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A little known figure outside of reggae's deep roots circles, Little Roy contributed a handful of undeniable classics to the genre during the 1970s: populace-pleasing hits that were also vehicles for his Rastafari-inspired message. Born during the early years of the 1950s (dates range from 1950-1953) in the Witfield Town area of Kingston, Jamaica, Earl Lowe (aka Little Roy) was inspired at an early age by the songwriting efforts of his older brother Campbell. Though he soon began composing his own material, it was his brother's "I'm Going to Cool It," that a 13-year-old Earl Lowe auditioned for Jackie Mittoo in the mid-'60s, earning him a session at the legendary Studio One. The single failed to "hit" however, and Lowe quickly moved on to rival producer Prince Buster. Newly dubbed Little Roy, the singer only voiced a pair of tracks for Buster before moving on again to the stable of Lloyd "Matador" Daley. Backed by the Hippy Boys, Roy scored his first hit with "Bongo Nyah" in 1969, a song that held the number one slot of the Jamaican record charts during the weeks that followed.
By this time, Roy had begun exploring the teachings of Rastafari, having become acquainted with followers in the Washington Gardens area. This turning point led to the crucial decision to seek complete creative control over his music. Deeming the Jamaican recording establishment too conservative for his choice of subject matter, Roy formed his own Tafari and Earth labels with the help of Munchie Jackson and Lloyd Barnes. In 1974, he came knocking on the door of the Black Ark, the studio run by Washington Gardens resident Lee "Scratch" Perry, an eclectic producer known to be sympathetic to the Rastas. Perry set aside studio time for the recording of both "Black Bird" and "Tribal War." The latter proved to be a hit; its status as a roots classic was later assured through the host of versions that followed. Among them were readings by singers John Holt, Junior Reid, and Freddy McKay and DJ cuts on the rhythm by Dillinger, Trinity, and Prince Far I. Roy responded with a string of excellent, Rasta-informed singles for his new imprints that maintained the standards. Lacking the backing of a big producer, however, songs as excellent as "Prophesy," "Christopher Columbus," "Earth," and "Jah Can Count on I" eventually receded from view, and Roy's full-length Tribal War LP was given a limited release in the U.S. Roy's finest efforts then were largely forgotten until Pressure Sounds released the Tafari Earth Uprising and Packin' House sets during the second half of the 1990s.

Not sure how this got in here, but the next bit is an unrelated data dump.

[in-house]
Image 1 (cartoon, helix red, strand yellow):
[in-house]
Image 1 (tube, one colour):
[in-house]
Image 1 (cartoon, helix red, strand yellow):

Roy continued to record into the early '80s. While "Long Time Rock Steady" and "Skanking on the Banking," a pair of late-'70s 12"s cut for Herman Chin-Loy, found him adopting dancehall techniques, he returned to roots flavors with 1981's Columbus Ship (recorded at Channel One and mixed by Scientist). Laying low for the remainder of the decade, the singer returned with Prophesy in 1989, a collection of his '70s material in old and new guises. Roy was vaunted into the spotlight once again when Victory Dance, a one-rhythm album based around "Prophesy," was compiled at the start of the '90s. Following the release of Live On (1990) and a European tour with Gregory Isaacs, Pressure Sounds owner Adrian Sherwood brought Little Roy into a London studio for the recording of Longtime, ensuring that the singer's vision would live on into the 21st century.